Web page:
Questions With: Bridesmaids Writer Annie Mumolo

| February 23, 2012 | Homepage Latest The Latest

1 - Questions With: Bridesmaids Writer Annie Mumolo

You may recognize Annie Mumolo as the neurotic passenger who goaded Kristen Wiig’s Bridesmaids character’s fear of flying in the film’s hilarious airplane scene. What you don't know is that Mumolo also co-wrote the entire script—nominated for best original screenplay at this weekend's Academy Awards—with close friend Wiig. Mumolo chats with us about what it’s like to write with Wiig, why she’d be okay with not being invited to another wedding, and what didn’t make the script. (Hint: it’s got something to do with Christian Bale.)

What’s the key to writing comedy movies these days?
ANNIE MUMOLO: I write what makes me laugh and hope it makes other people laugh, too. When it feels real, from the emotional place of the characters, then comedy usually comes forth from there.

What was it like to work with Wiig?
AM: We have been writing together since we were both in Groundlings, producing a lot of material very quickly. And we’d been making movies in our garage for years. When the process of making this screenplay came along, we hadn’t been schooled in the process of the format, per se, but we knew how to get something funny on paper. For months at a time, Kristen and I would hole up at each other’s houses. Writing with Kristen was easy because we think the same way as far as what’s funny. We finish each other’s thoughts and can pick up when the other gets tired.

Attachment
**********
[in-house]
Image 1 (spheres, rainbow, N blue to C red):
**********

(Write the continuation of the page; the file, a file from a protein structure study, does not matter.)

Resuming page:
When you’re writing something like Bridesmaids, how do you draw the line between what’s acceptable and what’s too far over the edge?
AM: There were so many more things I would’ve liked to include that got cut. Like, we had written a fantasy sequence where while the girls are all trying on the bridesmaid dresses, Kristen fantasizes she’s at the wedding with all these men fawning over her. So she goes running off through a forest and she ultimately finds Christian Bale, who is shirtless, and he’s combing her hair on a bearskin rug—it gets a little weird. But we replaced all that with the food poisoning scene, which worked out great.

You’ve forever changed the way bridal parties are viewed. Will you ever be invited to be in a wedding again?

AM: I don’t know. I don’t know if I can afford to go to one, given how expensive it is these days. Weddings have become very advanced, financially aggressive experiences. Someone says “We’re going to go to Turkey for two weeks for our wedding” and you think, Who can swing the price of all of that?

Will there be a Bridesmaids sequel?
Sadly, there won’t. I feel like when you finish a six-year process, as we have with this movie, I don’t know how you re-engage and do the exact same thing again. It was very special for us and we don’t want to mess with what it is. We just want to let it be on its own.

Look for Annie Mumolo in Judd Apatow’s next film, This Is Forty.